We traveled back to Oregon to visit about once a year for Christmas and sometimes during summer break. My mother despised going out there because she didn't want her mother telling her what to do and what she was doing wrong in her life. But for my brother and I it was great. My grandmother had done up "our rooms" with wallpaper and curtains we liked and kept them like that for us. We felt like we belonged somewhere when we were there and loved the security. Until my mom's sister would show up with her 3 kids. Then we were under the magnifying glass that my aunt pulled out to go over us and nitpick all the things wrong with us. Since she hated my father so much I guess she was looking for any part of him in us. She and my mom were not close growing up and had an awful falling out when their grandmother died. They barely spoke to each other and when they did it made everyone uncomfortable. I didn't like my aunt but I tried so hard to please her. Nothing seemed to make her happy when it came to us so we felt like the black sheep yet again. After she would leave my grandfather would take us down to his workshop and let us ride bikes while he worked on some project. Some of my best memories with my grandfather are being in that workshop with the woodstove burning and my brother and I riding in circles on the big wheel or jumping on the pogo stick. Yet, this isn't my favorite childhood memory.

My favorite childhood memory involves my grandparents and my never satisfied aunt along with my mother. One year when I was about 9 or 10, we went to Oregon for Christmas. That year I badly wanted a handheld tape recorder because I just knew I was going to grow up and be a reporter or writer and what is a good reporter without a handheld tape recorder? My mom let me know that it wasn't happening from her since she was tapped and I was so disappointed. Until I got to Oregon and talked to my grandpa. I wanted that tape recorder so badly that I could taste it and I told him all about it. He thought it over and then took me to Radio Shack to pick it out. I was so thrilled and on top of the world until we got home. My grandmother scolded him for off-setting the delicate ratio of presents per child. There were 5 grandkids and she had gotten us equal amounts of presents and it wouldn't do to have me get one more than everyone else. I begged and said I wouldn't tell anyone and she said she would take one out of my pile to keep it even. To tell you the truth I don't think she did but it didn't matter. I had my treasured tape recorder with the miniature tapes and everything was good in my world.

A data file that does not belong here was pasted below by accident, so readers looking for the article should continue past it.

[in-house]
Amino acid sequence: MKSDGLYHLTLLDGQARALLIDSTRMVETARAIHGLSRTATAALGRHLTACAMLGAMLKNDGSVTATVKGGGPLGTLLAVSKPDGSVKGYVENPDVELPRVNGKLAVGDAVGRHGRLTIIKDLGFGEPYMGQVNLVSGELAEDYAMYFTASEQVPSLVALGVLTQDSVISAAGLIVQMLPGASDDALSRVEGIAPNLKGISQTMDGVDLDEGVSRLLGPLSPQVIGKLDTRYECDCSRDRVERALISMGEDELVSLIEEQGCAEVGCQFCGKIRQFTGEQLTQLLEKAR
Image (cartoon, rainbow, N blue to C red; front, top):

Christmas night we were all laying around after opening presents and a huge family dinner when I pulled out my tape recorder. I guess I was feeling brave and I asked my aunt about my mom when she was little. Told her I wanted to catch some family stories on tape so I could write them down. For some reason she ran with it. She started telling stories in a very dramatic and funny way about how my mom had used her so many times to get out of trouble and all the pranks my mom pulled on her. She was a very animated storyteller and we all sat there enthralled with her stories and laughing so hard our stomachs ached the next morning. My mom stood off for awhile and didn't get involved but soon it proved too much for her and she started chiming in with "Well, she deserved it cause she always such a Pollyanna!". The cousins loved hearing about their mother when she wasn't such a stick in the mud and my brother and I loved hearing about our mother when she wasn't so burdened with what life had dealt her. Most of all my grandparents loved seeing their two daughters connect in a way that they hadn't been able to in years. For that one night we were finally a true family where everyone of us belonged. I will never forget that night as long as I live.

2 comments:

thewishfulwriter said...

i was IN this memory with you. completely. you say you aren't a writer?

i beg to differ!

your life is clearly full of so much material to explore and reflect upon.

this is a wonderful memory - wonderfully written.

thank you for sharing it :)

Reticent Writer said...

You are far too kind but I do appreciate your encouragement, Heather. It means a lot coming from you ; ) Thank you for giving me the perfect idea for a starter. Keep them coming!!

My life is full of ideas to talk about but I really have to work on paring down the commentary to only the things directly related to the story. I can be very long-winded and lose people's attention with all the details......